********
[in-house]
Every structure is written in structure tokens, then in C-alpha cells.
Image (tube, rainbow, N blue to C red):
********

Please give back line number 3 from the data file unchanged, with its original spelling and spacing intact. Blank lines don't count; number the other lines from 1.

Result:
Image (tube, rainbow, N blue to C red):